Despite managers’ best intentions, business recycling systems often leave much to be desired.
85% of office waste is recyclable. Yet most office waste streams for recyclable material net less than 50% of total waste discarded. This means offices typically send more than twice as much to landfill as necessary!
Here are some of the most common problems:
- The landfill or general waste bin often seems the most obvious place to any kind of waste.
- Recycling containers are often unsightly and as such, placed where they won’t become an eyesore.
- Insufficient bin capacity is allocated to the recyclable waste stream. Recycling bins fill up too quickly and recyclables end up in the landfill bin, which is often the largest bin.
- Signage on or near bins frequently fails to do its job. For some staff, a bin is just a bin. Good recycling habits are not yet ingrained. They simply forget to place recyclable waste into the correct stream.
- Staff are often unclear as to what’s recyclable and what’s not.
Clearly there’s room for improvement, and this needn’t cost the earth. With a little thought and planning any business can set up and maintain a first class system for processing recyclables.
The essentials of a good workplace recycling system
1) Use standard colour coding for each waste stream – Signage on or next to bins is better than nothing, but it often fails to do its job. That’s why recycling agencies the world over recommend using colour coded bins and signs
Colour coding your bins raises awareness of waste disposal issues in a way that words on a sign can’t. Making the colours standard throughout your organisation ensures that everyone knows what goes where. With time, staff come to relate to colours subconsciously and automatically. The result is automatic waste-stream segregation, improvement in the quality of recyclable waste and sizable reductions of landfill.
2) Separate waste at source – Once waste has been mixed together it’s difficult and time consuming to separate. It’s also inefficient. If office cleaners have to rummage through your bins at the end of each day to separate waste, you may be spending as much 5% – 10% extra on your cleaning bills.
Many first-time users react with amused disbelief when the learn that their new min-desk cube is their new bin for everything that can’t be recycled. It often comes a revelation that it’s more than enough for most non-recyclable items.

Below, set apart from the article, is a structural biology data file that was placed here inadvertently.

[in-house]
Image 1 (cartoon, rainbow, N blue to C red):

With a typical capacity of just 1 Litre, desktop cubes are tiny compared to normal bins, yet need emptying no more frequently than a normal bin. It’s a powerful tool for training staff to dispose of waste correctly.
3) Use Waste Stations – The idea of a waste station is simple – wherever you place communal bins, make sure there’s a clearly marked bin for each waste stream. This makes disposing of waste correctly an easy choice for everyone, especially of the bins are colour coded. No more looking for the right bin, no more having to walk to the other side of the room or the kitchen to get rid of plastic bottles etc.
4) Allocate sufficient bin capacity for recyclables – If 85% of your waste is recyclable then it stands to reason that you need more space for recycling than landfill / general waste. Many workplaces have this the other way around as the culture of the all-purpose waste bin is still pervasive. Inevitably, recyclables end up in the landfill container.
5) Use attractive bins for recycling – if you’re serious about recycling you’ll want to make your bins easy to use. That means positioning them strategically in obvious places – thoroughfares, communal areas, places where you may take visitors. If your recyclables go into ugly black crates, you’ll most likely end up hiding them from view with inevitable consequences. Make no mistake – if you have attractive bins you’ll make better use of them. They’ll also make your office look good, especially if they’re colour coded.
6) Don’t forget organic waste – Landfill is not the best place for fruit or vegetable matter. As it breaks down with other rubbish it generates methane, a potent greenhouse gas many times more powerful than carbon dioxide. It serves no useful purpose at all. Ideally it should be composted. For anywhere that produces significant quantities of vegetable matter consider including an organic waste stream and organising an organic waste collection.
For more information on setting up a better business recycling system see Planet Ark’s excellent web site BusinessRecycling.com.au
If you’d like to browse Eco Bins range of recycling bins and posters follow this link: Ecobin Products